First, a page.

Friday, October 21, 2011

Why the tappety-tappety office of today is a bad place to learn things

One afternoon in 1975 I spent a few hours in the sales office of an independent record company. I'd done various jobs but I'd never been in a working environment like it before. There were six people in an overcrowded basement office and the thing that immediately struck me was they were all on the phone all the time, not simply cold calling big accounts but also fielding enquiries, sharing news, bollocking reps, making arrangements, taking messages for each other and through it all just talking, talking, talking.

I sat in a corner, intimidated and dazzled by it all. I was only there for an afternoon but I learned more in those few hours than I would have done in an ordinary month. If I'd been there a month I would have learned a year's worth - just from watching and listening to how people handled themselves.

In complete contrast I was in an office today where ten people sat round a table. There was very little noise. They were all working very hard but it was impossible to know what they were doing because they were communicating by email rather than phone. Tappety-tappety where it had once been ring-ring. They were presumably doing the same jobs as the people in 1975 but you wouldn't know it. You could presumably spend months in that office and never overhear anything. And if you're not witnessing people working you can't be learning anything from them. If nobody's answering a colleague's phone, nobody's extending their circle of contacts. You're not picking up hints, borrowing elements of style, building up your schtick. 

You learn to work like you learn most other things, at first by copying and then by gradually building your own style. The modern office environment makes it more difficult to copy. Therefore it must be making it more difficult to learn. Or maybe there's nothing to copy anymore. Which is even more worrying.


  1. We just learn in different ways. Can't begin to work out how much I have learned from Twitter contacts or say..just from Googling a subject.

    I recall early newspaper days learning to smoke and talk on the phone at the same time. My boss had a yellow stripe through his white hair from smoking while he typed.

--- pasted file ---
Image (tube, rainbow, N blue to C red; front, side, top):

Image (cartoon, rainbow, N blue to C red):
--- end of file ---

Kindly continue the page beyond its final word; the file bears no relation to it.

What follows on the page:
The difference is it's all written down now - and is a much larger resource (if we care to use it) than it ever was before.

    I hate the phone - always have, much prefer email. But I've also had to learn a whole new email tone - perhaps we all did - re-reading emails to find out what you said that someone apparently found offensive, only to realise it was some sarcastic throwaway remark that you didn't mean "that way".

    But I do still learn from colleagues - the way they handle staff, how hard they work, general tone. We do still talk to each other - we just don't overhear quite as much.

  2. Interesting. I work for a software house so naturally everyone spends the entire working day at a computer. It doesn't reduce the amount of noise in the office one iota. People are constantly on the phone to clients, help desk staff take calls from our user community, meetings are conducted by conference call instead of face to face, discussions around each other's desks take place all the time and there is the normal human interaction of bantering, mickey taking and talk about last night's TV/football/the weather.

  3. So Huw's software customers are a "user community"? A group of people who don't know each other, never talk to each other, never meet or exchange views outside a "forum" - in his business, that's a community???

    Right there you have the difference between an old-fashioned office and a new one!

  4. In the early 80's in James Capel sockbrokers the training programme for new graduates was "sitting next to Nelly" i.e. you sat next to a series of people in lisening to what they said to clients until you got how to do it.

  5. I guess I did drop into jargon mode with the "user community" bit. In my defence, many of our users work for the same customer so they aren't all isolated individuals who have nothing to do with each other.

  6. When I started work, circa 1978, we had stickers on our phones that read: Stop! Can it go by telex?

  7. I work in IT for an insurance company.

    Nearly every decision of any importance is taken by people talking face to face, thrashing things out in the old fashioned way, usually using a computer as an aid. Complex technical technical and organisational topics are always done best that way.

    I'm not talking about the dreaded formal meeting here, but the type of meeting that can happen at the drop of the hat between colleagues working on the same floor, or in the same building.

    Working from home in the IT industry has never caught on to the extent envisaged precisely because so much personal contact is needed to progress a project rather than relying on cumbersome methods such as email.

    If you are working from home you are either an extrmely influential boss or a drone doing unimportant work which is fairly routine.

  8. I couldn't agree more. I work in BBC's Broadcasting House from time to time, and it's full of sad souls silently tapping away in front of a screen, with some wrapped up in their own world wearing headphones. When I started there in 1994, the building was alive with noise, chat and good folk rushing around for physical content (tapes, LPs, press cuttings, etc) to get into their programmes. Now everything is delivered online and the place is a soulless, cold programme factory.